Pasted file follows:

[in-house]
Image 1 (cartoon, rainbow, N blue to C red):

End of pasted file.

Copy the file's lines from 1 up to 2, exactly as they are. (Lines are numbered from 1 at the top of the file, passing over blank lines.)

[in-house]
Image 1 (cartoon, rainbow, N blue to C red):